One of the things I love about the film is how well you balance the action and the comedy, which is a difficult line to walk.
Phil Lord: We knew it was a comedy, first and foremost, and you had to make sure the action was a bonus. It was going to help you serve the broader story. That always helps. One of the complaints I have about action movies is when you feel like, "I'm seeing a bunch of cool stuff blow up, but I don't really care." It made us work harder because none of these sequences would stay in hte movie if they weren't serving the overall story.

Chris Miller: We also didn't want to do a big tonal shift, where we do a big action scene in the middle of a comedy.

Phil Lord: I think you would laugh then, not on purpose.

Chris Miller: We thought, "Every time we do an action scene, it needs to have a strong comic idea." Then we'll try to fill it with as many jokes as possible. Obviously you have to storyboard action and plan it out -- otherwise you're spending a lot of money -- but within those confines we wanted there to be the same level of spontaineity that we had in the rest of the movie. We tried to allow for that and have the guys react the way they would in that situation and see what happens. It was a really tricky balance.

Channing Tatum is a breakout star in this film -- so unexpectedly funny and perfect. Was he your first choice from the start?
Phil Lord: We looked all over the place for what kind of person that was, and ultimately -- Jonah felt strongly and we agreed -- that it should be someone different than him. We had seen a lot of guys that had looked like the two of us do comedy.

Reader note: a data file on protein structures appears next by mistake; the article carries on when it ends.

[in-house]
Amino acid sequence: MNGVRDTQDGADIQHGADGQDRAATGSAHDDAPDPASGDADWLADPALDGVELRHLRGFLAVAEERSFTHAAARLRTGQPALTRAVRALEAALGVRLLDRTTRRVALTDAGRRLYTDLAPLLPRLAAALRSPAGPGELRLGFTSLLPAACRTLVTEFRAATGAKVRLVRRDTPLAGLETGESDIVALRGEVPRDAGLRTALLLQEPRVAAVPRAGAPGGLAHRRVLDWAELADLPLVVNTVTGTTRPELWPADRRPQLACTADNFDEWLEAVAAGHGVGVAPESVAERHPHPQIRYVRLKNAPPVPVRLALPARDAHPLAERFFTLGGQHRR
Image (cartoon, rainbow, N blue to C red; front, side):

Chris Miller: A couple of nerdy guys as cops!

Phil Lord: We thought, "Man, it's so refreshing to see someone who is strong and handsome be put in that situation and be uncomfortable."

Chris Miller: Often times, we had been talking about it -- the three of us and Bacall -- and going, "It's kind of a Channing Tatum-type." Finally, Jonah was like, "Let's just ask Channing Tatum to do it." And we were like, "We should do some research on this guy first." We knew him from "Step Up" but we didn't know much about him. But we found this online short that he did with Charlyne Yi, where they recreated a scene from "Dirty Dancing" and he was Patrick Swayze, and he played it totally straight. We were like, "Wow, he totally gets it; he gets how to do comedy without trying to be funny. How come no one's ever used him like this?"

Phil Lord: It's weird. Underdogs aren't the same as they used to be. Anthony Michael Hall in "Sixteen Candles" is the old model, and it's awesome, but now I feel bad for jocks. They don't get respect. We went to visit high school and we saw all these kids with glasses like mine and weird hair and weird shoes and skinny jeans with hot girlfriends. I was like, "Wow, first of all, I was born in the wrong era. But like the jocks have gotten [screwed]." He's worked so hard at baseball or some other sport for his whole life and thought there was going to be some awesome payoff later and now he's the butt of everybody's joke. The nerds kind of won. So if you're looking for an underdog to be an authentic voice for comedy you have to look elsewhere.